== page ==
How Jane Austen is Breathing New Life into Silk Ribbon Weaving

It is a truth universally acknowledged, that a weaver with good fortune must be in want of silk ribbons.

Handwoven Editors May 21, 2024 - 4 min read

How Jane Austen is Breathing New Life into Silk Ribbon Weaving Primary Image

A silk ribbon warp being wound at Whitchurch Silk Mill. Photos courtesy Whitchurch Silk Mill

Letter from Jane Austen to her sister Cassandra: “Eliza[beth] has given me a hat, and it is not only a pretty hat, but a pretty style of hat too—It is something like Eliza‘s, only, instead of being all straw, half of it is narrow purple ribbon.” — Sunday, June 2, 1799

Jane Austen, the famed author who was born nearly 250 years ago in the Hampshire village of Steventon, is helping to breathe new life into silk ribbon weaving. While there are only four silk ribbon weavers left in the UK, one of them is at Whitchurch Silk Mill, a living history museum located six miles from Austen‘s birthplace.

Whitchurch Silk Museum, located near Jane Austen‘s birthplace, is a living history museum that is weaving off a warp of silk ribbons this summer.

In a creative collaboration with Jane Austen’s House in Chawton, Hampshire, the museum has designed and is weaving silk ribbons inspired both by Jane Austen’s home and by objects from its own collection. The project will continue through September 2024.

Visitors are able to see the silk ribbons in production during the winding, warping, and weaving phases. Parts of the project are also viewable online via Jane Austen’s House and Whitchurch Silk Mill’s social media platforms and the Mill’s website (see Resources below).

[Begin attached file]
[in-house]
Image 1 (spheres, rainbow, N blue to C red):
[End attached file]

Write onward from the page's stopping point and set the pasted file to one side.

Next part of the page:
Coming up, the mill’s next ribbon project, now in development, was inspired by the Netflix Bridgerton series.

A historic creel holds bobbins of silk thread waiting to be wound in a ribbon warp.

Whitchurch Silk Mill, built in 1815, is located on the picturesque banks of the River Test in Hampshire, UK. Still operating in the original Georgian building with a functioning waterwheel, it now houses a small team of skilled weavers who use traditional silk weaving skills to create cloth using Victorian and early twentieth-century machinery. The mill‘s creel, which looks like an upturned boat hull, is thought to be the only surviving example of its type still in use today.

Exhibits and events at the museum focus on a range of textiles. Through late June, an exhibit explores the colorful textiles of Thailand‘s hill tribes; and Weftival, on the first weekend in July, will gather textile and weaving professionals for talks, demonstrations, production tours, weaving exhibitions, and workshops.

Ribbons woven at the mill have been featured in films and television shows including Sense & Sensibility, Titanic, and many others.

Planning a visit? Please refer to the museums‘ websites (listed below) for exhibits, open hours, and admission information.


• Learn more about the Whitchurch Silk Mill museum and this project at their website and on Instagram.

• Learn more about where Jane Austen wrote, revised, and had published Sense and Sensibility, Pride and Prejudice, Mansfield Park, Emma, Northanger Abbey, and Persuasion at the Jane Austen House website and on Instagram.

• Tempted by the beautiful ribbons? Learn how to use them in silk ribbon embroidery.